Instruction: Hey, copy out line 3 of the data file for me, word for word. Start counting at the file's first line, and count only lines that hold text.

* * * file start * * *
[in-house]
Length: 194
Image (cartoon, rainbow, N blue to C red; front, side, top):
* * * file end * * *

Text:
Image (cartoon, rainbow, N blue to C red; front, side, top):